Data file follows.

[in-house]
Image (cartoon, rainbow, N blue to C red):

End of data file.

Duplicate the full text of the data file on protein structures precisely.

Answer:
[in-house]
Image (cartoon, rainbow, N blue to C red):